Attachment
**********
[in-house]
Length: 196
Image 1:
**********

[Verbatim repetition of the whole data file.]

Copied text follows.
[in-house]
Length: 196
Image 1: